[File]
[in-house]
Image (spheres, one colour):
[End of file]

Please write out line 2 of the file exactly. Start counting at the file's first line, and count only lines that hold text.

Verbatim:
Image (spheres, one colour):